The Rise of Anime in Pop Culture

Greetings Senpai! If you’ve ever been curious how Japanese anime made it 5,000 miles across the Pacific ocean, onto your screen, and into the hearts and minds of millions—stay tuned.

Whether you’re a casual watcher or a true otaku or weeb looking to brush up on your anime knowledge, there’s always more to know when it comes to anime. 

This article will be your guide through the history of pop culture anime, the rise of anime in North America, and the lasting influence that different anime series have had on popular culture.

shutter stocks of anime

The History of Anime

Anime, an abbreviation of “animation,” began in Japan in the 1960s. The early artists associated with anime were often creators of popular Japanese manga (Japanese comics), looking to expand their stories onto the screen. Anime became a staple of Japanese pop culture.

An early manga artist moving from Japanese manga to anime was Osamu Tezuka, creator of Astro Boy.

It didn’t take long for anime and anime culture to make its way to North America and some historians have even commented that anime was designed originally to be exported from Japan.

Anime Comes To The U.S.

By 1963, the first anime made it to North America in the form of Astro Boy. Four seasons were made, but only two were ever aired in the U.S. A bit of a slow start for what would become an international phenomenon.

Other early anime imports include:

  • 8th Man
  • Kimbra The White Lion
  • Speed Racer
  • The Amazing Three

Early Influences

In the 1980s anime began catching on, developing a stronger influence in western culture. 

From robots and cyberpunk to fantastical and family-oriented, anime was welcoming new fans into the community and growing with them.

The popular and influential 1980s anime included:

  • Robotech – Actually three shows under a single name, Robotech was an influential ‘80s anime. It not only aired for 85 episodes but had an active community of fans and continued to inspire new spin-offs.
  • Akira – While not particularly successful in Japan, Akira opened up a whole new audience to anime in North America. As a darker and more adult-oriented anime, Akira was primed to become an anime fan favorite of Generation-X and has continued to find popularity decades later.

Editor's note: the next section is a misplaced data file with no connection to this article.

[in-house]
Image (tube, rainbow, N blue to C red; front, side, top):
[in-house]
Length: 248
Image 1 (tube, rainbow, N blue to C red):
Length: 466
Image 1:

• Nausicaä of the Valley of the Wind – The first Hayao Miyazaki film to get distribution in the U.S. (though retitled and edited), Nausicaä was a success. This anime feature film paved the way for Miyazaki’s 2003 Oscar win for his film Spirited Away.


The Growth of Anime’s Popularity

Throughout the 1990s and early 2000s, the popularity of anime in North America exploded. Shows like Sailor Moon, Naruto, Dragon Ball Z, and Pokémon became staples of kids’ programming and even began attracting an older audience as well.

Not to mention, Hollywood began to take notice. Movies like The Matrix and Kill Bill Vol. 1 were heavily influenced by anime, co-opting the style and building on it.

Anime Merchandise

items of a box with white background

The first anime to get some serious merchandising was Prince Planet, and since then anime merchandise has been a key part of anime in pop culture.

Popular items have included:

  • Apparel
  • Collectible figures
  • Anime box subscriptions
  • Stickers
  • Candy

What is sometimes referred to as otaku culture has made it into mainstream pop culture. Anime fans of yesterday and today are all about expressing themselves and putting their tastes on display with anime merchandise. 

It’s not just a hobby—it’s a lifestyle.

The Influence of Anime Today

Today, you see anime’s influence everywhere in pop culture. From The Legend of Korra to Stranger Thing, to John Wick, there’s no limit to what an anime series can inspire, not only in film and television but in video games and music as well.

According to a 2020 survey, approximately 30% of adults have a favorable view of anime and the number can only be expected to grow.

Keep an eye on the media you consume and if you look closely, there’s a good chance you’ll catch a reference, a parody, or an allusion to anime or anime culture.

Anime Fandom

Anime fanatics now have several different ways to connect with a larger community, talk about their favorite anime, and discover new shows, services, and items to let them express their inner otaku.

Anime fandom goes back to the 1970s when fans would have to communicate through mailing lists, fliers, and small, in-person meetups.

Things have come a long way since then.

With the advent of anime exclusive streaming platforms, fandom communities online, and local, national, and international conventions, anime fans are no longer on the outskirts of western culture. Instead, they’re front and center. There are now million-dollar events such as Anime Expo that allow fans of Japanese popular culture, cosplayers, and anime fans to gather and celebrate their shared love for Japanese animation. 

Who knows how anime will continue to affect pop culture, but one thing is for certain, it’s not going away any time soon.

Cover All Your Anime Needs With CultureFly

Now that you’ve learned a little about Japanese anime in pop culture, you’re probably ready to dive headfirst into the world of robots, magic, and epic high school drama. Or maybe you already have your favorite anime shows and the best anime characters in mind and want to bring them to life with merchandise made by and for anime fans.

With CultureFly, you can enjoy the best anime subscription boxes, apparel, collectibles collectibles and exclusive offers of My Hero Academia merch, Naruto, DragonBall Z merch and more. Check out our anime collections today, and you’ll be totally ureshii!


CBR. The first 10 U.S. anime imports in chronological order. 

Share America. Anime’s supersized U.S. audience. 

Statista. Favorability of anime movies in the U.S. 2020, by gender. 

Fandom. The history of anime’s journey to America